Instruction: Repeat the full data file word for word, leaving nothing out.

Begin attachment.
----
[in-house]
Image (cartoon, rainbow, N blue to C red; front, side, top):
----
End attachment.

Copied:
[in-house]
Image (cartoon, rainbow, N blue to C red; front, side, top):